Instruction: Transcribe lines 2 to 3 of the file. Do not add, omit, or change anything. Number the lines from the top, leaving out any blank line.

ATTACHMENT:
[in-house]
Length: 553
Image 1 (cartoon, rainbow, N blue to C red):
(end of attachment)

Length: 553
Image 1 (cartoon, rainbow, N blue to C red):